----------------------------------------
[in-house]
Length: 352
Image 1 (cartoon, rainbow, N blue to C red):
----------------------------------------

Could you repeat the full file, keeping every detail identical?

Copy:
[in-house]
Length: 352
Image 1 (cartoon, rainbow, N blue to C red):